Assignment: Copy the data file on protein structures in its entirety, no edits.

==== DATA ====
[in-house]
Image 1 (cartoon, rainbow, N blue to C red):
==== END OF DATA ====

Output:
[in-house]
Image 1 (cartoon, rainbow, N blue to C red):